The Council fault line
I sense a widespread sense of dismay that the EU Council of Ministers backed down and did not follow the European Parliament vote in plenary on Leo Brincat.
But then this dismay is misplaced and ill-informed as to the realities of the EU. And the fault line revealed one of the structural fault lines that lie across the EU’s hopes of becoming a continental power.
Those who expected the representative(s) of other member states to vote against Mr Brincat do not understand the realities of Council meetings and deliberations. States do not pronounce vetoes except in very dire situations and they certainly would not dream of using it in the case of one representative of a small state. They did not use it in the case of the Polish candidate who was a judge in Jaruzelski’s days.
The mechanics of a Council meeting can sometimes resemble a barter hall – you help me out in this and I will help you out in that. I very much doubt if our government offered any inducement to persuade the other states not to hinder Leo’s march to Luxembourg: there was no real need, no real fear.
Anyway, with Malta holding firm to its candidate and with the other member states needing Malta’s cooperation during its presidency, the tiny minute regarding Mr Brincat passed on the nod.
The Council of Ministers is a unique Community creation. You would not find it, for example, in the US because all its states are subordinate to the Federal government. So Vermont, for instance, has no issue with its neighbouring state and no state is sovereign.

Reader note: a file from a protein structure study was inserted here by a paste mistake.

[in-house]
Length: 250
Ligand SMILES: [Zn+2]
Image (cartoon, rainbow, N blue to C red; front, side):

The EEC, then the EU, has so far refused to go along that way. It has refused to sacrifice the sovereignty of each individual state and create a huge almighty federal state. It would solve some problems if it were to do so, but the direction it is heading in now is in the opposite direction. When the voters of Hungary go to vote in the referendum today, they will be asked to support their government against the direction imposed by the Council and the Commission as regards migrants. When the voters of Britain voted for Brexit 100 days ago, they voted as citizens of a sovereign state against the directives and impositions (as they saw it) of an unelected Commission.
This is the fault line that has nobbled the euro time and again. The euro needs something more substantial that this flimsy Council structure, even if it has been rendered more robust through Ecofin and the ECB. Regardless of this shaky structure, the euro has become a world currency. Its problems would all (or almost all) be solved if the EU were to become a federal state and the various states made to help each other in time of need rather than engage in beggar-thy-neighbour policies as they have been doing.
But the EU (whatever the Leave campaign said) is not moving in that direction. On the contrary, it is moving in the opposite direction, in the direction of sovereign member states. This is why the Council structure is a very important one and one which member states jealously preserve. And why they would not allow a personal issue, such as Leo Brincat, knock it around.
So far, the experience of Maltese ministers under both administrations has been the drudge of travelling for Council meetings. The novelty of such meetings soon palls under the stress of repeated meetings. But come January, Malta will not just attend these meetings but also preside over them and, at the end, summarise the conclusions.
The EU’s Council structure is a robust one and has survived worse governments than ours – Belgium held the presidency when it did not have a government and the present presidency is held by Eurosceptic Slovakia.
My sources in Brussels however tell me that we have had delegation after delegation from the staff of Donald Tusk, the President of the European Council, who have been meeting the various ministers. They are said to have reported back in Brussels that they found the Maltese ministers well-prepared for their task, except for one who looked like he had not gone to sleep the previous night!